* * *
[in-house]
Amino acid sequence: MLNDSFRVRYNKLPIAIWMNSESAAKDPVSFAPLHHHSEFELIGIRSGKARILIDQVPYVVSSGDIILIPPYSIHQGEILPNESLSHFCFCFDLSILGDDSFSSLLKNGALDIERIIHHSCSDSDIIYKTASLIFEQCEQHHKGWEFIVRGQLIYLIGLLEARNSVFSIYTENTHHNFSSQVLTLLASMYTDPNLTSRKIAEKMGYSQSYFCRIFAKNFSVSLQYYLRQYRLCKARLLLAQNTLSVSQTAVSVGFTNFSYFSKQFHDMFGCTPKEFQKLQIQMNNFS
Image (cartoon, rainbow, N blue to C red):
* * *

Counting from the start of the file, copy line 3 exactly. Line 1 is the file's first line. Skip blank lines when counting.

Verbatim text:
Image (cartoon, rainbow, N blue to C red):